Thanks to Global Giving donations, we have set up an evacuation fund that will be tapped the minute we hear of a Taliban advance.

We have attached a photo of a young Afghan girl who will be swept up by the Taliban if we don't get out quickly.

Please emal us to hear the testimony of "Taya". In a video that we just received, Taya speaks out against guns. She does this with poetry!

To protect Taya and the other 300 children who rely on us, we have to find another, safer way to protect children!

Introducing: Small Scale Farms, Afghanistan

Global Roots launched a pilot project in Africa last spring called “Small Scale Farms Ltd” and we are looking to replicate it in Afghanistan in 2020. Our founder has already described the new program to our local partner in Afghanistan and everybody is on board.
The new plan calls for our local partner to unite Afghan farmers with a free SMS-based app that will be provided at no cost. Because it is not HTML-based, farmers don't need a smart phone. Instead, they can use their flip phones to text our team when they have produce that is ready to be picked up. Our team will pick up the produce, take it to market, sell it and then immediately text each farmer his or her commission.
We call this growing roots right under militant boots!
Our small-scale farms pilot program went so well in Kenya this year that we am now certain it will work everywhere — even in places where militant groups exploit and intimidate farming communities.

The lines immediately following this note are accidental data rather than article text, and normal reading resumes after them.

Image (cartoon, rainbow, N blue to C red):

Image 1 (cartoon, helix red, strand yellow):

Small Scale Farms takes a systemic approach to change — rather than the child-by-child formula we have been applying at the BCG and FCG. 
The great news is that the excess produce that we are already producing at the BCG and FCG can be collected, sold and the resultant funds can be spent on the basic needs of our children!
BTW — we are not as much concerned about the agribusiness threat in Afghanistan as we are about bringing help to families who struggle to take care of their children as well as “stragglers” (abandoned or orphaned children) in any given community.
Please contact us if you would like year-end report on the BCG and FCG:
Thank you for your ongoing support! With your help we will "start growing roots right under militant boots!"
Taya, the poet
Taya, the poet
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Dear Global Giving Donors,

We our proud to announce that the total number of children we support in Afghanistan has climbed to 300. We are feeding and protecting over 100 children in Baharak and we are feeding and processing 198 orphaned boys at a very poor orphanage in Fayzabad.

Because Global Roots is a known commidity in Fayzabad, we gained access to orphanage documents and can now make sure that no boys go missing. Global Roots is the first foreign charity ever to be granted permisson to study internal orphange documents!

We now have the opportunity to rescue roughly 190 Afghan girls from a lifetime of slavery (and worse) thanks to a matching offer of 20K from a generous family foundation in Massachusetts.